Secretary of State John Kerry’s official representative to the US/UN Consultative Session, Steven O’Dowd, Director of the Bureau of International Organizations Office of Human Security said, “We are advancing US policy and interests in UN Agencies and President Obama’s State of the Union goal is to eliminate extreme poverty within 2 decades. Healthcare needs to be accessible to all including emergency care. We are reducing child mortality rates and HIV and Polio and Measles and responding to disasters with humanitarian assistance through the UN and humanitarian organizations like Red Cross & Rotary.”
“Your contribution contributes to the report to the UN. I’ll take what you have done back to the State Department and give them input on what you did here today and it will reflect on the positive actions we will take as a nation.”
“With social inequality in the third world this disparity affects how the impoverished have access to aid after a disaster due to discrimination. We learned that organizations like the Red Cross provide aid to all people in time of disaster without regard to social, economic or cultural differences. We, also, learned about the World Food Program, World Health Organization and how the International Committee of Red Cross Red Crescent Societies come to the aid of the most in need when aid is needed the most,” said David Tuckman, Red Cross Mass Care Supervisor & Disaster Action Team Leader who served along-side Nelson Mandela’s friend Simpson-Dean as the Co-Moderator for the UN/UN Consultative Session on Freedom from Discrimination & Persecution.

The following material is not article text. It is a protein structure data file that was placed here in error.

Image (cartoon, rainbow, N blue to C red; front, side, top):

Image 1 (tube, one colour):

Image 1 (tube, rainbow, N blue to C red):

With more than 100 delegates voicing their perspectives on the change we want to see in the world it is clear that what we do does make a difference. “What we do in Red Cross does make a difference and to represent the Red Cross fundamental principles and express them in the US/UN Dialogue shows that youth do matter and that our voice is heard,” said Agens Premkumar, a Red Cross District Youth Officer and Red Cross Youth President in Van Nuys, California.